Plan how you can become a leader
Actions require you to take steps. These steps are the key to achieving your goal. By planning your life ahead of time, you can design a system where you can consistently act and do your part as a leader. Even if you are not yet in a position of power, it is still necessary to work on your leadership skills.
An example of a plan is this:
- Assess your weaknesses and strengths
- Work on the negative and improve the positive
- Record one achievement everyday
You can design your own plan any way that you want. The main thing to remember is that you must plan a life that is based on leadership and the way of life that leaders live.
Reward yourself. Don’t expect rewards from anyone else
Your reward does not have to be materialistic or expensive. A small reward like a well-deserved meal or time off to spend with your loved ones is all that you need to give yourself that boost for accomplishing a leadership task.
A promotion will not be as rewarding as what you can truly give yourself with the fruits of your labor. Once you become a leader, do not stop rewarding yourself. Just make sure that you do not do so in excess.
Solve your own problems first, rather than letting someone else lead you to it
The marker of a true leader is their ability to solve issues starting with themselves. A small problem can easily be remedied and that can count as a proactive achievement for you. Soon, you will be helping others and working with them to solve bigger problems that can help the make the world a better place.
Just do not forget to ask for help and guidance. Doing the work is easy enough. Admitting when you cannot take it anymore is much more noble and is the oxymoron of being a good leader. Know when to solve your own problems and know when to finally let someone else take the reins.
Learn how to be a follower
It may sound contradictory, but this is the most important part of learning how to be a leader. Put yourselves in your subordinates’ shoes so you can find out what they need, what they want to learn, and what they want to accomplish as individuals and as a group.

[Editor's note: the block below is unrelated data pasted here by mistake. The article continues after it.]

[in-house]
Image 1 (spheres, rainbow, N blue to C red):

When you finally look through their eyes, you can also see the good and bad components of your leadership. These go hand in hand because it tells you what you are doing right and what you can improve on. All in all, empathy will be your strength, as well as your company’s.
Acting Like a Leader
Since being a leader means having to act like one, you must also understand what motivates a person to do what needs to be done. As a leader, your subordinates will follow you. Before becoming a leader, you need to follow your current leader through the motivation they give you. Learn from that and apply it to your own style.
Self-awareness is also important because it reflects on your employees and other leaders. It will benefit them to see that you know what you are doing and that you are showing it in a transparent way, such as announcing reports, engaging with each member of the company, and accomplishing your own tasks efficiently and quickly.
The motivation to be a leader will stem from the motivation of your followers to treat you like a leader and follow in your footsteps. You cannot be the only leader forever, which means that you should also be giving everyone a fair chance to act like leaders themselves.
That is what true leadership is all about – helping each other climb up the ladder, rather than stepping on other people to get to the top.
Thanks, Eliza, for this thoughtful and down to earth article. I appreciated the focus on ignoring some of those typical leadership myths, starting with me, and emphasizing behavior over some special title or quality.
Good that you raised the issue of “negative” leaders as sometimes we’re hesitant to go there when discussing leadership. Doesn’t fit the narrative we like.
Despite years in the workplace, I’ve never accepted the premise that having the “big” job automatically makes someone a leader (as I define leadership). Sometimes, the hierarchy demands followership yet the individual’s performance falls short of being someone we want to follow. We respect the job but not the jobholder.
I love the way you cover so much of the leadership role in your article. Adding links to other articles is also a nice way to expand learning. Thank you. For which resonated most with me I would say that to be a good leader you first have to be good follower. I have been saying that since my very first experience in working for an organization. Good leaders are also good followers – they haven’t forgotten where they came from and they are humble enough to know when it’s time to step back a bit and let someone else lead.